Question: If you were a shepherd 2,000 years ago and were outside watching the sheep one night when an angel showed up with a message from God, well...what would you do? Answer: Panic!
Shepherds were not highly regarded in those times. It wasn't considered a very noble profession. You practically lived outside with animals (stupid animals, at that). You were constantly coming into contact with...animal stuff.
"Unclean" was not merely a description -- it was a condition. Shepherds were unclean hygienically and ceremonially. They weren't allowed to testify in court. They weren't allowed in the synagogues or the Temple. Ironically, the lambs they helped come into the world -- the very animals that would be sacrificed for Passover -- rendered them unfit to make sacrifices in the Temple.
So what must they have thought when they saw the angel? They probably thought, Oh, no! What did we do now?
They had been told that God didn't like unclean people, so they might have assumed the angel was there to tell them God was mad at them -- or worse. Maybe God had finally reached his limit with all the uncleanness in the world and was ready to do something about it -- starting with them!
But instead the angel began with these words: "Fear not." It's a familiar refrain if you've read much about angels, who were always having to preface their conversations with people this way.
"God's not angry," the angel continued. "In fact, I've got Good News for everybody -- even dirty shepherds like you. You know all the stuff that's wrong with the world, all that stuff you wish could get fixed but looks hopeless? Well, God's going to do something about it. He's sending Someone to save the day. This Savior is also going to be the King. You can go see him now if you want. Here's how you'll know him when you see him...."
Okay, wait. Don't hurry on here.
If you're that shepherd, how do you think that sentence should end? Think about it: This is the one sent from Almighty God to turn everything that is upside-down right-side-up. This guy is supposed to deliver. He's going to be the greatest King you've ever seen. How will you know him when you find him?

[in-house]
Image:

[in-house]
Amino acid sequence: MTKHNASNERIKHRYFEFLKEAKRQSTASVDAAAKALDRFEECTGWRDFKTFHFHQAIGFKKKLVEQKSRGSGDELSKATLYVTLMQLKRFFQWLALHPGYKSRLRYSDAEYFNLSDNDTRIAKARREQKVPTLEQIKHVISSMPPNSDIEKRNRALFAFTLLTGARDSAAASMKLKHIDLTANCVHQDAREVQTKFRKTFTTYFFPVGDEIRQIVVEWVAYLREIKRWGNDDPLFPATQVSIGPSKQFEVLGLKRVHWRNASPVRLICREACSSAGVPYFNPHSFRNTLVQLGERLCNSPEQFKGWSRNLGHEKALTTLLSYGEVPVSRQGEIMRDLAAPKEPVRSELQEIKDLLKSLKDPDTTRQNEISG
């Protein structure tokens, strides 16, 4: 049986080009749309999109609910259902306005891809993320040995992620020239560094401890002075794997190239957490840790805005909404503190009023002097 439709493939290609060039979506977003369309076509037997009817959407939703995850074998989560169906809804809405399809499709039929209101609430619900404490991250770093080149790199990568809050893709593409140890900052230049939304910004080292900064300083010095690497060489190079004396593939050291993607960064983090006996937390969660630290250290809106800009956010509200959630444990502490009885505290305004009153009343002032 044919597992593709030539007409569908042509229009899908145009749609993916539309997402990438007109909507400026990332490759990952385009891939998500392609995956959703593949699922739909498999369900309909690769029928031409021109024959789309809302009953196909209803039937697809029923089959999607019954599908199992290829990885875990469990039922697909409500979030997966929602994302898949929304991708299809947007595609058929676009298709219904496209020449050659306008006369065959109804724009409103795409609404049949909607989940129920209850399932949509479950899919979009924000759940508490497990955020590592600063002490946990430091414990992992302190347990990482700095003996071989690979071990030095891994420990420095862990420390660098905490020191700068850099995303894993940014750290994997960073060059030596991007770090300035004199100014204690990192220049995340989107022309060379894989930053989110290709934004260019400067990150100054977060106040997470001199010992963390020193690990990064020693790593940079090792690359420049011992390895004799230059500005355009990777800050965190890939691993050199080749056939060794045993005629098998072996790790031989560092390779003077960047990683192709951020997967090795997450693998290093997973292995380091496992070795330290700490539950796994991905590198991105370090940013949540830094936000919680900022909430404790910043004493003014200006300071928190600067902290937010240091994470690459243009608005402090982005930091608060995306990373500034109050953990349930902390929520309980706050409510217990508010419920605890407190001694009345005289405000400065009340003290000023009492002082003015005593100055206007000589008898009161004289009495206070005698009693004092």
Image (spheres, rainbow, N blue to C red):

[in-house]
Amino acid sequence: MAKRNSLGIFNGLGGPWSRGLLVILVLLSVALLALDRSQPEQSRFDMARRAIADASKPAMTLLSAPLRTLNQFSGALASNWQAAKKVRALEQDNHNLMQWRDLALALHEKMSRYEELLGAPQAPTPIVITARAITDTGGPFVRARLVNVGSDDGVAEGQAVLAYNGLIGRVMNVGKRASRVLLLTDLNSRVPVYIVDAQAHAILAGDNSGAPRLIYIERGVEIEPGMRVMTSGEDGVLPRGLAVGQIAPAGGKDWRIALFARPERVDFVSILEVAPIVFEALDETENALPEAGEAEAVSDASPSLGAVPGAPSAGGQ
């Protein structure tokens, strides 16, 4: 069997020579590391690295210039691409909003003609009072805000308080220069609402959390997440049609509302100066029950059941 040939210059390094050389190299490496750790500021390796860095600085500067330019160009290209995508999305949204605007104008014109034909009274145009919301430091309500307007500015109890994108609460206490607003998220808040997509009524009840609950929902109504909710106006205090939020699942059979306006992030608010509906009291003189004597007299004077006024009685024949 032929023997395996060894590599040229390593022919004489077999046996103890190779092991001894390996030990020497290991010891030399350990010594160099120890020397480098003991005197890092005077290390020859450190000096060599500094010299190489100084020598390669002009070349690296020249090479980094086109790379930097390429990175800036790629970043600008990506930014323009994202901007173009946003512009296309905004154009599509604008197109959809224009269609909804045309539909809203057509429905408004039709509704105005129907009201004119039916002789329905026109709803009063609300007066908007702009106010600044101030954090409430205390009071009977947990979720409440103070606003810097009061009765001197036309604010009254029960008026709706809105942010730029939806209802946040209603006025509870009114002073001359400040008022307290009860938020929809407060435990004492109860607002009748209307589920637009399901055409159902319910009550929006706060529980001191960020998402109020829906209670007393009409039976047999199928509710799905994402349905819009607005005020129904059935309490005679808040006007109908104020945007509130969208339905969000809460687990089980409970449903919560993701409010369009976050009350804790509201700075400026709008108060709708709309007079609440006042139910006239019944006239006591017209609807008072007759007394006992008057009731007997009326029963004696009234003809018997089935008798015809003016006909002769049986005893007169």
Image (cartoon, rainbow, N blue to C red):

"He'll be wrapped in satin and lying in a hand-carved ivory creche. In his hand will be a golden rattle, and in his mouth will be a silver spoon." Right?
"He'll be wrapped in rags, lying in a feed trough, surrounded by stinky animals -- kind of like one of your shepherd kids would be." In other words, here's how you'll know the Messiah when you see him: You'll find him in the middle of a big mess.
The whole reason this is Good News -- to the shepherds that night and to us right now -- is that we're all messy people. Every night, people appear on television (under the label "News") and tell us how the world got a little messier today. We manage to mess up every single area of life: relationships, finances, work, family, the environment, the Church (especially there), our conscience, our habits. There's not a single place we haven't managed to mess up. And we can't seem to fix any of it. Try as we may, we cannot put Humpty together again.
So the angel says, "Here's the Good News: God is not afraid of your mess."
Our God doesn't care how messy your life is. It couldn't be any messier than his was. He was born in a mess -- wrapped in rags, laid in a manger -- and he died in a mess -- stripped of his rags, hung on a cross.
And in between his first day and his last day, he mostly hung out with messy people.
We make Christmas really pretty, with red velvet bows and evergreen branches and all that. But the real story of Christmas proves that you don't have to clean up for him. Cleanliness, it turns out, is far from godliness. If anything, it's in the middle of our messiness that he shows up.
This is an excerpt from my latest book, The 52 Greatest Stories of the Bible.